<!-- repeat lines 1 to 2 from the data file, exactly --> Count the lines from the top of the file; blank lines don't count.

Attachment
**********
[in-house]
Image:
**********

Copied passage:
[in-house]
Image: